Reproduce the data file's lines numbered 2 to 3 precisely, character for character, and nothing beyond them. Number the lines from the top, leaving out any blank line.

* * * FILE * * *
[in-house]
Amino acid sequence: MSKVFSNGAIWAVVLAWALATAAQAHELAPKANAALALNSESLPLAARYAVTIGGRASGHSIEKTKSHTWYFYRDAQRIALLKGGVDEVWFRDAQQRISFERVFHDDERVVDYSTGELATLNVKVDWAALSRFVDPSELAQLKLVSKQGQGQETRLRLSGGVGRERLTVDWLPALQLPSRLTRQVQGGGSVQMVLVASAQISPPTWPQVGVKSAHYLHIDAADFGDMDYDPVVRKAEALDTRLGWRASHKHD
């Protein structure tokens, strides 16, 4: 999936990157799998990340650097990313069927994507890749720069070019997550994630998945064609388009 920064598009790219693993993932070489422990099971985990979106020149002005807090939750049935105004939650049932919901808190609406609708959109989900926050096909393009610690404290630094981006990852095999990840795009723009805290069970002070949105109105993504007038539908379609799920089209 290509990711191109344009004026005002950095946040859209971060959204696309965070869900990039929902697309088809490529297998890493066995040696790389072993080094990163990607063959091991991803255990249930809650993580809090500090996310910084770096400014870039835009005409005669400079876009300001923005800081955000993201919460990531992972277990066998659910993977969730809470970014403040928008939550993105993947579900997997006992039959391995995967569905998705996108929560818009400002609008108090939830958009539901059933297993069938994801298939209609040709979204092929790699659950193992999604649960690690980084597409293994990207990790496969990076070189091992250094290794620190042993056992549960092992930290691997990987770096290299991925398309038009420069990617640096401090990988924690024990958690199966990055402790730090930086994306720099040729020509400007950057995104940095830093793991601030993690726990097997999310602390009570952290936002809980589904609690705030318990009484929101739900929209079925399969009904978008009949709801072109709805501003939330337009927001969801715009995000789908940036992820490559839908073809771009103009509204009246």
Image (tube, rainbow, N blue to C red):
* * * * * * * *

Amino acid sequence: MSKVFSNGAIWAVVLAWALATAAQAHELAPKANAALALNSESLPLAARYAVTIGGRASGHSIEKTKSHTWYFYRDAQRIALLKGGVDEVWFRDAQQRISFERVFHDDERVVDYSTGELATLNVKVDWAALSRFVDPSELAQLKLVSKQGQGQETRLRLSGGVGRERLTVDWLPALQLPSRLTRQVQGGGSVQMVLVASAQISPPTWPQVGVKSAHYLHIDAADFGDMDYDPVVRKAEALDTRLGWRASHKHD
């Protein structure tokens, strides 16, 4: 999936990157799998990340650097990313069927994507890749720069070019997550994630998945064609388009 920064598009790219693993993932070489422990099971985990979106020149002005807090939750049935105004939650049932919901808190609406609708959109989900926050096909393009610690404290630094981006990852095999990840795009723009805290069970002070949105109105993504007038539908379609799920089209 290509990711191109344009004026005002950095946040859209971060959204696309965070869900990039929902697309088809490529297998890493066995040696790389072993080094990163990607063959091991991803255990249930809650993580809090500090996310910084770096400014870039835009005409005669400079876009300001923005800081955000993201919460990531992972277990066998659910993977969730809470970014403040928008939550993105993947579900997997006992039959391995995967569905998705996108929560818009400002609008108090939830958009539901059933297993069938994801298939209609040709979204092929790699659950193992999604649960690690980084597409293994990207990790496969990076070189091992250094290794620190042993056992549960092992930290691997990987770096290299991925398309038009420069990617640096401090990988924690024990958690199966990055402790730090930086994306720099040729020509400007950057995104940095830093793991601030993690726990097997999310602390009570952290936002809980589904609690705030318990009484929101739900929209079925399969009904978008009949709801072109709805501003939330337009927001969801715009995000789908940036992820490559839908073809771009103009509204009246």